Homebirth at the Hospital

By Doula Giuditta Tornetta
Web Exclusive

Mother and newborn sleepingYour question:

I’d love to have a natural homebirth, but I feel safer in the hospital. What do you suggest I do to create a homebirth environment at the hospital? Will a doula help me at the hospital?


Many people believe that doulas work with homebirths more than hospital births. Truth is 95 percent of the births I attend are at the hospital. In fact I’d say the majority of doulas work in hospitals, helping women have natural, home-like childbirth experiences.

There are five steps to help you realize your desire for a home-like, natural and painless childbirth at the hospital. I speak about a painless childbirth, because I have experienced it firsthand, and so have many of my clients, friends and fellow doulas. Here are the five steps.

1. Become willing to have a natural experience, no matter what. Willing to change what you believe and what you have being taught. For us to change our intention and the outcome of any of our endeavors, we need to start by becoming clear as to what we want.

Get a clear intention of the kind of birthing experience you want, regardless of what you have heard, what kind of birth your mother, sisters, etc. have had, and regardless of your age, size, heritage and so forth.

Before the Golden Gate Bridge was built there was an idea, a desire to build it and a willingness to do whatever needed to be done to make it happen. Reading books on natural childbirth and talking to women who have experienced natural childbirth is a good way to begin.

2. Trust that you can do it. Believing that not only you can do it, but that you deserve to have such an experience is a very important step toward success. If Columbus did not believe that he could circumnavigate the earth, he would not have begun his journey east to get west. Fake it till you make it if you have to. Tell yourself every day that you will have the birthing experience you desire.

Write it down, meditate on it, pray for it. Do whatever it takes to grow the self-confidence that you have all that it takes to have such an experience. Make sure you surround yourself with supportive people. Do not waste time listening to those who are quick to tell you that it is impossible, those who like you to have the same medicated experience they have had.

3. Make a decision that a natural childbirth, a homebirth-like experience is what you want and will have. So far the first two steps had to do with an inner dialogue. This step suggests that you actually no longer vacillate about your intention. Yes, you have chosen to have your child at the hospital because you feel more comfortable. You have made a good decision, now decide that you will have a home-like birth at the hospital you will choose. Make sure you choose a hospital that will allow you to have such an experience. Go and visit the hospitals that are covered by your insurance company, ask about each facility to other women, doulas, childcare educators and if you have any midwives in your town, ask them too.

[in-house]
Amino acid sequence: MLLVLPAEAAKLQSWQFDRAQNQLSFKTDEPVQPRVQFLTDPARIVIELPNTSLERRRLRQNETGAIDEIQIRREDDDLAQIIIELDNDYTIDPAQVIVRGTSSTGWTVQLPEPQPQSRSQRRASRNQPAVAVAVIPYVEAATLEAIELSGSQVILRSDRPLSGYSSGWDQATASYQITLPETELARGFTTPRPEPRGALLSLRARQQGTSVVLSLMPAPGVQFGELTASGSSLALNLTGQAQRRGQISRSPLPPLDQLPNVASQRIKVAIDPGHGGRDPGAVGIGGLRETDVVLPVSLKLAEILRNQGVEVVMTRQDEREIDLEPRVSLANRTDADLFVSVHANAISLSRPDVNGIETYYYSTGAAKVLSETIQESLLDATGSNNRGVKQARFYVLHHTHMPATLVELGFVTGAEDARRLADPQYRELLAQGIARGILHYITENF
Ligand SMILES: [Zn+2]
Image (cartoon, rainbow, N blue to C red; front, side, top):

4. Take action. Choose a care provider that will support your desire. Interview a few, make sure they have supported other women with the same experience you want. Ask the doctors for references, be polite, ask them if they are willing to give you the names of patients who have had a natural childbirth, so that you may talk to them and get some advice. We never ask our doctors for references, yet our references are always checked when we are to get a new job. Go to independent childbirth education classes, hire a doula (visit DONA.org to find a certified doula in your area), find alternative ways to cope with labor. Look into hypnosis for a painless childbirth.

5. The fifth and final step comes much later. Because you have been successful obtaining a natural, home-like birth at the hospital, share your experience with other women and helped them fulfill their desires, and dreams. If you can do it, we can all do it. Share the joy. What you focus on expands!

Many of my clients will tell you they have experienced a natural and painless childbirth. When I say painless, please understand, I don’t mean you will not feel anything.

What you will feel is a lot of pressure; you will feel the might of creation come through you. But pain is associated with something gone wrong. You break a leg, you feel pain. Something is not “right.” Childbirth is a lot of hard work, and the sensations that accompany it are very strong, but there is nothing “wrong” with labor.

Labor is what happens when a baby comes into this world. Remember, until something goes wrong you are not a patient, you are a healthy birthing mother using the hospital facility to bring your child into this world. Labor comes one minute at the time, and if you focus on managing that one minute you will be able to conquer it.

Birth is sacred and if for some reason you have to be medicated, or even if you have to have a Cesarean birth, know that it does not make you less of a woman and you have done nothing wrong. We are blessed with modern technology, great medicine and amazing doctors who are standing by ready to help us in the moment of need. We embrace all births, and we take charge of our own, as we stay open to whatever happens.


Giuditta Tornetta is a birth and post-partum doula, a lactation educator, and hypnotherapist. Her CD Joyful Birth has helped hundreds of women experience a natural and stress free birth. She has a private practice in Marina del Rey, California. She is the author of the upcoming books “Joy In Birthing: Homebirth at the Hospital” a daily guide to a natural and painless childbirth. She can be reached through her website www.JoyInBirthing.com or by calling 310-435-6054

Below is a letter we received regarding Giuditta Tornetta’s article, followed by a response from Ms. Tornetta.

I received an email this morning (1/25/06) from Mothering which included a link to the online article “Homebirth at the Hospital.”

While I understand that the author is helping families get the best possible experience that any low risk birthing family can get in the hospital, and that her intentions are good, this article detracts from real homebirth and gives people the impression that a homebirth experience in a hospital can really happen. Having a “homebirth at the hospital,” even with a doula, would never be the norm*&8212;it would be the very rare exception. What goes on at a hospital is not what goes on at home with a homebirth midwife. You can’t even compare the two: homebirth with Midwives Model of Care versus hospital birth with Medical Model of Care.